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Watch: Complacency, Indian Army’s Failure to Assess Intel Also to Blame for 2020 Ladakh Clashes with China

Manoj Joshi believes that the Indian Army was effectively guilty of complacency in its response to Chinese army exercises in February-March 2020, some 200 km from the Line of Actual Control.

In a recently published book, strategic affairs specialist Manoj Joshi writes that the Indian Army was effectively guilty of complacency in its response to Chinese army exercises in February-March 2020, some 200 km from the Line of Actual Control. This was compounded by the Indian Army’s failure to properly assess intelligence which showed “the Chinese began to move some of these combat forces westwards towards the LAC”.

Joshi concludes: “Though the Indian side accused the Chinese of ‘breach of trust’ …. in reality, they had been caught napping.” He also says that if this complacency and failure to assess the intelligence the army had had not taken place then perhaps 1,000 sq km of Ladakh – maybe even more – which the army lost the right to patrol might have remained accessible to the Indian Army.

In an interview to The Wire to discuss his recent book Understanding the India-China Border: The Enduring Threat of War in the High Himalayas, Joshi also argues that the claim, made in February 2021 by Lt. Gen. Y. K. Joshi, who was Northern Army Commander, and later by the defence minister, that Depsang is “a legacy issue” and pre-dates the Ladakh border clashes of 2020 is specifically disputed by Lt. Gen. Rakesh Sharma, a former Commander of XIV Corps, who has written in the journal of the Vivekananda International Foundation that a “minimum of 8 to 10 patrols per year from 2013-2019” visited Patrolling Points 10 through to 13 in Depsang. Joshi adds that “reports suggest that the last Indian patrol to visit the area may have been in January-February 2020”.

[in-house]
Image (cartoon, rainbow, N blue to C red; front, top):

Joshi has also given a detailed graphic account of what happened on June 15, 2020 in Galwan when 20 Indian soldiers were killed. He says that in addition to the 20 Indian soldiers killed somewhere between a 100 to 150 were injured and perhaps a further 100 taken captive by the Chinese. Joshi believes the captives included a Lieutenant Colonel and three Majors.

The expert believes that the Indian soldiers at Galwan were armed but the arms were never used. He finds that inexplicable. He also says that of the 20 Indian soldiers killed, 17 died of hypothermia which suggests that it wasn’t the injuries inflicted by the Chinese that killed them but the cold.